Generalabt Maurus Lepori von Hauterive .jpgThe General Chapter of the Order of Cistercians elected Dom Mauro-Giuseppe Lepori, 52, as their new Abbot General, succeeding Abbot Mauro Estevez. It is reported that Lepori received 109 of 134 votes. His work as abbot general will last for the next 10 years with about 1700 monks and nuns of the Order of Cistercians throughout the world.

Abbot Mauro-Giuseppi, until now has been a monk and the abbot of the Abbey of Hauterive. He entered the abbey in 1984 and was elected abbot on May 16, 1994 when he was 35 years old. The Cistercian of Hauterive is outside of Fribourg, Switzerland. Abbot Mauro earned a licentiate in philosophy and theology from the Catholic University of Fribourg. The new abbot general is a Swiss-Italian born (from Lugano) monk who, before his entrance into the cloister was an active follower of the ecclesial movement of Communion and Liberation (but entrance into the monastery only meant that he didn’t attend all the meetings of CL but he kept up with work of the Movement!).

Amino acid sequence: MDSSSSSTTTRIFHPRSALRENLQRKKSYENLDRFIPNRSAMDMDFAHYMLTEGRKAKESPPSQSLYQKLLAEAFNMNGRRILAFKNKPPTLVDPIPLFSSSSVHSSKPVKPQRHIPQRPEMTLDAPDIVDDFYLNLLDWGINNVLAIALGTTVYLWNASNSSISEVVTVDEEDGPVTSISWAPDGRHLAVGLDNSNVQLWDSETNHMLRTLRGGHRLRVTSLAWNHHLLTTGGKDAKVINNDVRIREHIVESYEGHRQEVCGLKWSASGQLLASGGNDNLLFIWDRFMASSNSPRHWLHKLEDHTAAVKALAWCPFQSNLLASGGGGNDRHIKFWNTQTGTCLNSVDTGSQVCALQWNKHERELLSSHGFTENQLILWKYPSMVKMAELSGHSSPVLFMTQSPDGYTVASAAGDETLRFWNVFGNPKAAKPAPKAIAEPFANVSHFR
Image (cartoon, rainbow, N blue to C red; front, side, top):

Simon called peter.jpg

Abbot Mauro-Giuseppi is the author of Simon, Called Peter: In the Company of a Man in Search of God. The Forward to the book was written by Angelo Cardinal Scola, Patriarch of Venice, a close friend of the late Monsignor Luigi Giussani and who continues to be active in following Communion and Liberation.

A 2003 interview with Abbot Mauro at the CL Rimini Meeting can be read here and a brief article in Traces by the abbot can be read here.

Saints Robert, Alberic, & Stephen, pray for us.

Saint Bernard, pray for us.
Saint Aelred, pray for us.
Saint Alice, pray for us.
Saint Jeanne de Lestonnac, pray for us.
The English Cistercian Martyrs, pray for us.

New Haven’s Communion & Liberation

Having pizza with friends in Communion & Liberation-New Haven. Following our weekly School of Community meeting we go for pizza at Modern Pizza. Yesterday was our farewell pizza with Francesca who’s returning to Italy. God’s speed, Francesca!!!

Francesa smiles for the camera.jpg
Tacy tells a joke.jpg
Renzo just can't believe the pizza is gone.JPG
Peter Marchese.JPG

About the author

Paul A. Zalonski is from New Haven, CT. He is a member of the Fraternity of Communion and Liberation, a Catholic ecclesial movement, and an Oblate of Saint Benedict. Contact Paul at paulzalonski[at]yahoo.com.